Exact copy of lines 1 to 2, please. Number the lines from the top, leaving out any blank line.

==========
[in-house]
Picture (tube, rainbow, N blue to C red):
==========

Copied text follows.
[in-house]
Picture (tube, rainbow, N blue to C red):